The PC mainframe-on-a-desktop model has been criticized relentlessly by many over the years, but it remains the most adaptable one yet devised. Internet appliances can not begin to take on the functions of a regular PC, and with PCs getting cheaper and cheaper over time...

    Even if they were to get popular, and it were worthwhile to design for them (for one thing, I imagine Internet appliance users would have a disproportionately low tendency to make use of e-commerce, as it is genuinely tedious with something like WebTV), the criteria is somewhat different than designing for 640 x 480. It has more to do with layout than absolute size of your tables and images...though I am hardly an expert here!

    But that is just my opinion, and I appreciate your input. Thank you.

  5. #5
    SitePoint Wizard
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    I make it a personal goal for all of my pages to be displayed perfectly under 600 pixels wide and above. Too many people are still at 640x480 that it's just not worth it to leave them alone. Even if less than 10% of people are at low resolutions, it's still about 1 out of every 10 visitors.

    Go for the lowest common denominator.

  6. #6
    Confirmed Halfwit
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    Hmmm...

    As mentioned in the easlier post, I think the website resolution absolutely depends on the subject matter of your site.

    For example, if you have a website that is aimed at selling real estate.. it's unlikely someone will access it via a wireless palm pilot or cell-phone browser. The information on your site would simply overwhelm the users ability to use it effectively.

    However, if your site is a "joke of the day" type site... you should consider that most wireless visitors to your site would just be passing time while at the airport or in a cab... they will expect your site to be accessable, although modified to "get to the point" with some brevity of information. (ie: the wireless version of your site would simply display one joke at a time, not a whole pageload of stuff.)

    As we saw in the "old days" with various site versions for netscape & ie... we'll now have versions for WebTV, Dreamcast, cell phones, palm pilots, various resolutions, and whatever else comes along.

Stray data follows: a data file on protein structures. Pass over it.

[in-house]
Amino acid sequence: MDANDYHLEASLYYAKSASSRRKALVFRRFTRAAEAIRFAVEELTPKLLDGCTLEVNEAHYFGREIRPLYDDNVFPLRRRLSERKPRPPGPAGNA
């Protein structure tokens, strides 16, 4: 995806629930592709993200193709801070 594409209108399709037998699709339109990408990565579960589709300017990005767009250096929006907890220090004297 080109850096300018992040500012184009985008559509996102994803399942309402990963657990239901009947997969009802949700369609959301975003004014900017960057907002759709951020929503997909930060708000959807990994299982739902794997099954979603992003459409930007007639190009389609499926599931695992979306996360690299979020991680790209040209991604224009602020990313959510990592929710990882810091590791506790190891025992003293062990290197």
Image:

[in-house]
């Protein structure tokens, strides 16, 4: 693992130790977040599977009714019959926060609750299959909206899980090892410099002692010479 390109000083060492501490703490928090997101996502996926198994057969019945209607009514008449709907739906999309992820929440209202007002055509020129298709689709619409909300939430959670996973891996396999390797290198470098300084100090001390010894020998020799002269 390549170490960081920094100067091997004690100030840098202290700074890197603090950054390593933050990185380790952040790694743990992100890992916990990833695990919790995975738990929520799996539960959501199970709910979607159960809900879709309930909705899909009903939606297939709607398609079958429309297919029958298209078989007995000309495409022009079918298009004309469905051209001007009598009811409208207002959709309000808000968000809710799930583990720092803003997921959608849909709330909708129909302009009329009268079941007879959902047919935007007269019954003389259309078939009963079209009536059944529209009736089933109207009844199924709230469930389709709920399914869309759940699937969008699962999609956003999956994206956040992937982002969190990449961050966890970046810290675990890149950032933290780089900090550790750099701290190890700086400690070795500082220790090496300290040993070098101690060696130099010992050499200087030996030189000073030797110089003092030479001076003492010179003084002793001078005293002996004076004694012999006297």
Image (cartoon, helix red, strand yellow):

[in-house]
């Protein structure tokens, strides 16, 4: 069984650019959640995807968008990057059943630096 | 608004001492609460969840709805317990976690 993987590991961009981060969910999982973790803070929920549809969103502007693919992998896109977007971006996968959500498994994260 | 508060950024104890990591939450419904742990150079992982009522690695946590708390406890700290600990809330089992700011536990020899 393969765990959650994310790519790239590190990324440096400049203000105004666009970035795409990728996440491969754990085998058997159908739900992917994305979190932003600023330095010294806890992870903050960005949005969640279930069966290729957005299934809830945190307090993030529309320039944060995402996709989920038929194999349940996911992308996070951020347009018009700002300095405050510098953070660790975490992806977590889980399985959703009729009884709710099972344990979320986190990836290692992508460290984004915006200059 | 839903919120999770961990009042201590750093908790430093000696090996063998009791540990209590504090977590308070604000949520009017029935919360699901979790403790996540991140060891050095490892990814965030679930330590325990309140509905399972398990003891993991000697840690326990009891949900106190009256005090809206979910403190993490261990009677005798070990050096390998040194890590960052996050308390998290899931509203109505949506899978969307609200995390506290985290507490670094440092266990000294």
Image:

It would be nice to be able to design a site that is dynamically "scallable" to any resolution size. The coding requirements would have an added benefit of reducing the number of crappy website designers, too.


  7. #7
    Your Lord and Master, Foamy gold trophy Hierophant's Avatar
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    I am modifying my page so that it fits in resolutions ranging as low as 400 pixels wide and as large as 1600. Further once the page is online, I will be converting the entire system to WML and making it WAP capable for mobile access. I personally see this as an important requirement of universal access. I see it as a personal requirement of my own career advancement.

    ------------------
    Wayne Luke - Sitepoint Moderator/Internet Media Developer
    Digital Magician Studios - Making Magic with Web Applications
    wluke@digitalmagician.com

  8. #8
    Your Lord and Master, Foamy gold trophy Hierophant's Avatar
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    Personally I would much rather be able to access Homesales, reviews and information like that rather than jokes from my cell phone.

    And coding for a large variety of resolutions is relatively easy. All you need is a little javascript and a flexible layout. Its made even easier using BrowserHawk.

    ------------------
    Wayne Luke - Sitepoint Moderator/Internet Media Developer
    Digital Magician Studios - Making Magic with Web Applications
    wluke@digitalmagician.com